In Mark Sheldon’s Tuesday Notes, Dusty talked about trying to get Mike Costanzo a start, to help break out of the “slump.” Setting aside whether Costanzo’s 1-for-13 Major League debut is a slump or his true level, Dusty’s comments cut to the heart of the problem with the roster Walt Jocketty assembled: It’s thin, thin, thin.

“That job is usually for older, veteran players that have some track record of success, where 0-for-1 doesn’t drive you crazy until the next 0-for-1,” Baker said. “The absolute best one I’ve seen was the Diamondbacks a few years ago, when they had [Danny] Bautista or [David] Dellucci. You had to choose which one you would face. Then when you get by those two, they had [Erubiel] Durazo and [Greg] Colbrunn.

“That was a hell of a combo. I was in that division trying to figure out which one I wanted to face. And all of them could hit. I was like, ‘I hate this decision.’ That’s a manager’s delight. But those combos are hard to find, and also hard to afford, too.”

Is a good bench too expensive for the Reds’ budget? My thought was that guys like Dellucci and Durazo come cheap – you just have to be fairly aggressive in signing, and pick the right ones. But I checked the 20012002 Diamondbacks – Dusty’s model of a great-hitting bench – to see.

Over the two seasons that those four guys were on the roster, the D-Backs won 190 games, two NLW pennants and the 2001 World Series. A large percentage of that was thanks to Randy Johnson, a failed video game developer, and a crew of uh, strangely late-peaking power hitters.

And, as Dusty noted, a great bench (numbers are their 2001, 2002 OPS+):

  • Bautista: 95, 117
  • Colbrunn: 115, 148
  • Delluci: 105, 83
  • Durazo: 124, 136

So each season, the D-Backs had 3 bench bats who were significantly above average, plus a fourth guy having a decent year. Two lefties, two righties.

But Dusty noted — and Jocketty would certainly tell us — production like that costs money. The D-Backs were definitely a high-payroll club (#8 2001; #3 2002), but was the bench expensive?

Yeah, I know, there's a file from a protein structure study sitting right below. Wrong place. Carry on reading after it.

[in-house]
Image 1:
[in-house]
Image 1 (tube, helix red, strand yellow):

• Durazo was home-grown, and only made $260,000 and $375,000.
  • Delluci arrived via the expansion draft, and was also cheap: $325k and $775k.
  • Colbrunn was a journeyman vet, signed by Phoenix before the 1999 season but made less than the league average: $1.6M and $1.8M.
  • Bautista came via trade for the immortal Andy Fox. He made $675k in 2001, then re-signed with Phoenix as a free agent for $2M.

That’s $2.86M in 2001, and $4.95M for 2002.

The 2012 Reds’ payroll is pretty comparable to the D-Backs from a decade ago – just over $81M. Obviously, the market is somewhat higher ($81M doesn’t buy what it used to) but the Reds’ system has done a good job at producing low-cost talent. Rolen and Phillips are the only regulars who aren’t home grown (and BP may as well be). The system even produced two solid bench bats, who cost essentially nothing: Frazier (132 OPS+ so far) and Mesoraco (85 OPS+). That matches the production and cost of Durazo and Delluci, so Walt only had two PH spots to fill, and had several million to do it.

The Reds simply misallocated their resources, spending their bench budget on a chorus of identical Judy-hitting middle infielders, instead of legitimate bats.

  • Miguel Cairo: $1M
  • Wilson Valdez: $930k
  • Paul Janish: $800k (not sure if this is really paid, when he’s in AAA)
  • Willie Harris: $800k

Total: $3.53M

When you add in Ludwick’s $2.0M, you have a quite significant amount of discretionary/bench money, which has produced nearly zilch.

  • Cairo: 15 OPS+ (Yes, fifteen.)
  • Valdez: 6 OPS+ (Yes, six.)
  • Janish: DNP
  • Harris: -25 OPS+ (I didn’t know it went below zero.)
  • Ludwick: 88 OPS+

While it’s easy to see how lousy the Reds’ bench is, what’s harder is finding alternatives. Anyone know of a cheap left-handed masher in AAA? Is Matt Stairs still playing somewhere?